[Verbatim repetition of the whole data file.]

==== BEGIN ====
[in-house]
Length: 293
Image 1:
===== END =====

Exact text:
[in-house]
Length: 293
Image 1: